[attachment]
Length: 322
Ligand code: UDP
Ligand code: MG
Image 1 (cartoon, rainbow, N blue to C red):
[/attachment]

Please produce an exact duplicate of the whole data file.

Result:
Length: 322
Ligand code: UDP
Ligand code: MG
Image 1 (cartoon, rainbow, N blue to C red):